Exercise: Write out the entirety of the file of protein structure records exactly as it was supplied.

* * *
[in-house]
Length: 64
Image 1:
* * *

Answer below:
[in-house]
Length: 64
Image 1: